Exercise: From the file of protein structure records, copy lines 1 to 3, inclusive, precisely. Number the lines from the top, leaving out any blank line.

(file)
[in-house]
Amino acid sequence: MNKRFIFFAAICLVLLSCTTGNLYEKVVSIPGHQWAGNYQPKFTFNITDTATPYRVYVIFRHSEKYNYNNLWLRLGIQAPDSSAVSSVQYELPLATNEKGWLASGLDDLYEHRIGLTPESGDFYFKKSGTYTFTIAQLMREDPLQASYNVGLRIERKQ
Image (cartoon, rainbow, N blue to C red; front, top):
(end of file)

[in-house]
Amino acid sequence: MNKRFIFFAAICLVLLSCTTGNLYEKVVSIPGHQWAGNYQPKFTFNITDTATPYRVYVIFRHSEKYNYNNLWLRLGIQAPDSSAVSSVQYELPLATNEKGWLASGLDDLYEHRIGLTPESGDFYFKKSGTYTFTIAQLMREDPLQASYNVGLRIERKQ
Image (cartoon, rainbow, N blue to C red; front, top):